Later in the day, there may not be as much thresher action, but you can see manta and eagle rays. From January to April, you may even be treated to a hammerhead sighting. The consensus is that the best time to see the threshers is July to October, but they can be seen all year round. I advise avoiding major holidays and other busy times, as you will have a better chance when there are fewer divers in the water.

Malapascua is a small, unspoiled island off the north tip of Cebu. It is only about one and a half miles long and less than half a mile wide, so you can walk all the way around in two hours. I only had two days to spend there, but would have loved to stay longer. There was so much to see in such 
a short period of time, so when I arrived I rattled off a wish list to my helpful British hosts, Thresher Shark Divers, and ticked off pretty much everything in those two days. Naturally, those elusive thresher sharks were at the top of my list, but I also wanted to see white-tip sharks, Spanish dancers, seahorses, harlequin shrimps, mandarinfish, porcelain crabs and sea snakes, to name but a few.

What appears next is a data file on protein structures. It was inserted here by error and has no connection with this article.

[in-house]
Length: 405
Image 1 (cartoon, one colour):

The diversity of life around this little island is staggering. There is even a selection of wrecks at depths of between 5m and 54m.

Need to know

The Philippines is a year-round diving destination with a warm, humid climate and an average temperature of 32°C. Generally, the best time to go is from December through to April. The hottest months are April to June and the monsoon season is from July to September. Water temperatures are fairly stable and range between 25°C and 31°C year-round.

Getting there
Jane Morgan travelled to Mactan-Cebu airport with Korean Airlines via Seoul. 
Many other airlines fly there, although you will need to change flights at one of the many regional hubs. If you want to go to Malapascua, Thresher Shark Divers can arrange for a taxi from either the airport or your hotel in Cebu City for the two-and-a-half-hour journey to the north tip of Cebu, where you will board a boat for a 30-minute trip to the island.

contacts
Crusader Travel • 020 8744 0474 
• www.crusadertravel.com

Dive Worldwide • 0845 130 6980 
• www.diveworldwide.com

Regaldive • 01353 659 999 
• www.regaldive.co.uk

Scuba Travel • 0800 072 8221 
• www.scubatravel.com

Sea Explorers • +63 32 234 0248 
• www.sea-explorers.com

Thresher Shark Divers • +63 32 437 0985 • www.malapascua-diving.com

Worldwide Dive & Sail • 020 8099 2230 • www.worldwidediveandsail.com 

Thanks to the Philippines Department 
of Tourism (www.wowphilippines.co.uk), Worldwide Dive and Sail, the Plantation Bay Resort & Spa Cebu 
(www.plantationbay.com) and Thresher Shark Divers for their help and for hosting our reporter